There has also at times been tensions over primarily theological and religious concerns. This is perhaps most important in the so called Bible Belt. While members of the Christian Science church claim their religion is based in, reconcilable with, and part of Christianity (being based upon the teachings of Jesus as interpreted by Mary Baker Eddy), there are orthodox Christian theologians and others that have disputed this. These critics state that Christian Science' diverges too greatly from basic tenets of Christianity. They often cite the faith's views on the nature/existence of evil or sin, the divinity and resurrection of Jesus, the trinity, and a few others as meaning that the faith can no longer be considered a Christian denomination. Members of the faith argue that these groups exaggerate any differences in interpretation on these issues. Interestingly a quip often used to discuss this attributed to the non-Christian George Bernard Shaw who was a friend of the well-known Christian Scientist Viscountess Nancy Astor. The quip states "Christian Science is neither Christian nor scientific" and has been quoted by many Evangelical Christians in relation to the faith. Related to the quote most of the mainstream scientific community believes that the reliance on spiritual healing, and some of the Church's other beliefs, are decidedly non-scientific.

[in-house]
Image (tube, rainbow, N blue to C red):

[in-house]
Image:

The medical community (and others) have taken some interest in spirituality and healing. The Harvard Medical School Department of
Continuing Education continues to offer a course entitled "Spirituality and Healing in Medicine; The Importance of the Integration of
Mind/Body Practices and Prayer" which the Mother Church has supported. In addition, there have been research projects on the effectiveness
of prayer on recovering heart attack patients. Some of these studies have shown a small benefit to prayer or other spiritual treatment in
recovery. However, it is important to note that the patients in these studies received some form of spiritual healing in addition to, not
instead of, conventional medical care. Additionally, later studies with larger numbers of heart patients showed prayer has no effect on
recovery, hospital readmission or death .
- Christian Science - description of the beliefs/principles termed Christian Science.
- Christian Science Reading Room
Outsiders' views of Christian Science
- Willa Cather and Georgine Milmine. The Life of Mary Baker G. Eddy and the History of Christian Science (1909) began as a famous Muckraking magazine series 1907-08. It was based on elaborate original research and interviews. Scholars who are not Christian Scientists rely on it, but church members strongly disfavor it. It was reprinted with an important new introduction by the University of Nebraska Press in 1993.
- God's Perfect Child: Living and Dying in the Christian Science Church by Caroline Fraser (2000), an outsider's analysis of the entire spectrum of Church activities. Not sold in Christian Science Reading Rooms.
- Christian Science Mark Twain's famous, vitriolic 1907 polemic mocking Mary Baker Eddy, her writings, and the Church's financial arrangements; of Christian Science, Twain writes "Its god is Mrs. Eddy first, then the Dollar." Project Gutenberg classifies it as "Christian Science -- controversial literature."